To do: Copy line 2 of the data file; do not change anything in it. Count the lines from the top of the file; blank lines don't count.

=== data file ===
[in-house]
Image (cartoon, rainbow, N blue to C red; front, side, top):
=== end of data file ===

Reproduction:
Image (cartoon, rainbow, N blue to C red; front, side, top):